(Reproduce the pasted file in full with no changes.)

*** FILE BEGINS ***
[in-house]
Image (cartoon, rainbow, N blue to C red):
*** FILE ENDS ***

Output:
[in-house]
Image (cartoon, rainbow, N blue to C red):